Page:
Neil Mathieson, director of grain processing for Robin Hood Multifoods Inc., Canada, was named the 2001 Milling Operative of the Year at the 105th technical conference of the Association of Operative Millers, held May 19-22 in Louisville.
The award, which recognizes an active milling operative who has made significant contributions to the progress of his plant, his company and the milling industry, has been presented annually by Milling and Baking News, sister publication to World Grain, for the past 16 years. Sosland Publishing Company also establishes a U.S.$1,500 scholarship in the winner’s name at Kansas State University, Manhattan, Kansas, U.S.
At the AOM’s conference-concluding banquet, Mathieson said he was "all ears" as Charles S. Sosland, president and chief executive officer of Sosland Publishing Co., Kansas City, Missouri, U.S., began to describe the Miller of the Year recipient, whose name is not announced in advance.
"I’ve been in the industry a long time and know a lot of people, so I always try to figure out the person who’ll be getting an award," he said. "I was listening, but I didn’t think it was going to be me."
It wasn’t until details were mentioned of the recipient’s work in the Caribbean and Haiti that Mathieson realized Sosland might be describing him.
"I was completely surprised — just amazed," Mathieson recalled. "Well, if you spend your life in the grain processing industry, this award is quite an honor," he explained.
Mathieson began his career in 1963 at age 15, when his father, who worked at J&R Snodgrass Ltd., at a Glasgow, Scotland, flour mill, took him to the mill for an apprenticeship. Although the apprenticeship was not glamorous, usually filled with all the jobs no one wants to do, Mathieson developed a love of milling.
"I guess [milling] is in my blood," he said. "It’s just a feeling of the manufacturing and the challenges of turning grain into a food product year after year."
Five years later, Mathieson immigrated to Canada and began working as a manager at the Montreal plant of Maple Leaf Mills.
Giving his father a tour of this facility was one his proudest moments, he said.
"My father brought me into the business," Mathieson said. "When he came to Canada, I had just gotten the job of plant manager. I took him through my plant and he was so proud."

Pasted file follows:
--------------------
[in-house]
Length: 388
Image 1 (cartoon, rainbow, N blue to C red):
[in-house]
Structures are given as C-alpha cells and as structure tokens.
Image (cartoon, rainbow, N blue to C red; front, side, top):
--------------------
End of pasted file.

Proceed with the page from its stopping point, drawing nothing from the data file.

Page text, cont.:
After also working at Maple Leaf Mills’ Almonte, Ontario, facility, he held assignments in the 1970s with Maple Leaf in Haiti and Trinidad, where he trained many local personnel in the art of milling and mill management.
For the past 18 years, Robin Hood Multifoods, headquartered in Markham, Ontario, has had the benefit of Mathieson’s milling expertise.
"Under his superior tutelage, both millers and plant production management of our grain processing facilities have been operating at optimum efficiency and productivity," said Michel Lizotte, manager of milling operations at Robin Hood, who also nominated Mathieson for the award.
"Our cereal processing systems are right on target, largely owing to the technological applications that he has investigated, implemented, and/or developed on his own," Lizotte added.
As director of grain processing for Robin Hood, Mathieson is responsible for operations at three flour mills, with a combined processing capacity of 600,000 tonnes of cereal grains. In addition, he is the in-house consultant for all warehouse operations, bakery mix plants and other manufacturing operations.
One of Mathieson’s many accomplishments includes the recent, proficient downsizing of a flour mill and its transition into a bulk flour mill, where he personally re-trained the entire milling team. And most recently, he added capacity to two of the company’s older facilities.
His commitment to upgrade milling standards and to develop high-quality facilities demanded that almost U.S.$3 million be invested to bring about the required changes.
Mathieson admitted that the most challenging and exciting parts of his job include designing and implementing new processes within an existing facility. He also enjoys working on new and added-value products, working with his staffs to ensure quality, and managing milling operations.
Even though he has been encouraged on several occasions to advance to higher positions within Robin Hood, Mathieson has chosen to continue to apply his skills directly to milling.
He also has devoted time to the AOM, serving on the Technical Committee for the last 13 years.
After being a member of the AOM for 25 years, Mathieson is confident that this year’s conference will always shine a little brighter in his memory.
"A lot of things have changed over the past 38 years," he said. "The technology and efficiency of the mills is greatly improved. The disappearance of the small, independent mills is kind of sad. But the fellowship through the AOM is one of the best things about being a miller."
— Emily Wilson